Pasta Alla Griccia

This classic Roman dish is among the ranks of Pasta Caccio Peppe and Pasta Carbonara. Though possibly less popular here in the States as the star ingredient, guanciale, can be difficult to find. If you run into that problem, pancetta (Italian bacon) or a good quality American bacon can be substituted for delicious, albeit less traditional, results.


Guanciale is cured pork cheek. Italians are notorious for making good use of all sources of food. Not much goes to waste. So while Americans might find the idea of pork cheek a little uneasy - it's standard fare in most Italian butcher shops. 


Whatever meat you choose - the ease of this dish is undeniable. Three simple ingredients come together to form a silky smooth sauce and a hearty cold weather meal. The key to bringing the dish together is the pasta water. In general - you never want to dump all of you pasta water. A multi-pot makes it dramatically easier to keep the precious liquid; which can be used to fix many a kitchen mistake. 

This dish is easy enough for a weeknight - and unique enough to serve as part of a holiday meal. I hope you enjoy it in both capacities.

Buon Appetito!

Pasta Alla Griccia
Serves 6

1 lb. rigatoni
8 oz. guanciale*, diced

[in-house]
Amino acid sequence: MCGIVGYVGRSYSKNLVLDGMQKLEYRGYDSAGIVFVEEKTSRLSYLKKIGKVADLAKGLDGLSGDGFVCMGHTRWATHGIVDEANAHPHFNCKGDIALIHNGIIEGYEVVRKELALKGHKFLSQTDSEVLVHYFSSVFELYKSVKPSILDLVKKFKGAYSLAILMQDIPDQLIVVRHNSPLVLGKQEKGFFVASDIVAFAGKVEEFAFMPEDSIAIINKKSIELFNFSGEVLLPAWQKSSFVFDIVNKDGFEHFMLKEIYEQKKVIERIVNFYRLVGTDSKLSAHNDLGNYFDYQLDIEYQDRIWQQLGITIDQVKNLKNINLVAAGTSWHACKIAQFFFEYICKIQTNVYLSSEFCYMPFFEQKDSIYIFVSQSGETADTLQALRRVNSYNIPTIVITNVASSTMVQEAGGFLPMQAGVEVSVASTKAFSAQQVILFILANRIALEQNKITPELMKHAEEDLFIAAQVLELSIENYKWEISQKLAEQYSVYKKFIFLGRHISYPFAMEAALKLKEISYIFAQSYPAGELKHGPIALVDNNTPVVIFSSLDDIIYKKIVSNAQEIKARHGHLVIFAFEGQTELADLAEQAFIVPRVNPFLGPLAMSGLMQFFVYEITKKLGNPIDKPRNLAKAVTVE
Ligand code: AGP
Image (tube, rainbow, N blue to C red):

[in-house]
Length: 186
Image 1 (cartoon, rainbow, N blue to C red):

2 c. pecorino romano cheese
black pepper

deep saute' pan
slotted spoon



Place a deep saute' pan over medium heat. Cook guanciale until the fat has rendered out and the meat is golden brown, about 10 minutes. 

Use a slotted spoon to remove the guanciale from the pan. Set it aside. Leave the rendered fat in the saute' pan, but remove it from the heat for now.

Bring a large multi-pot of salted water to a rolling boil. Cook pasta for about 5-6 minutes. It should be VERY al dente. While the pasta cooks, place the rendered fat back over low heat. 

Slowly ladle in some of the cooking water, stirring until the fat and water start to come together. 

Drain the pasta and add it to the pan with the fat. Add more pasta water, enough to almost cover the pasta. Bring it to a boil and continue cooking and stirring until the sauce has reduced and has begun to stick to the pasta, about 2 more minutes. 

Add in a handful or 2 (or about 1/2 c.) of the pecorino romano cheese. Continue cooking and stirring the pasta. As the cheese melts into the sauce, it should become shiny and cling even more to the pasta. Add more cheese if needed. Cook another 2 minutes.

Remove the pan from the heat and stir the cooked guanciale back into the dish. Season with black pepper. Serve hot topped with an extra sprinkle of pecorino cheese. 

*If you use pancetta or bacon, you'll render out less fat so you may need to use more water.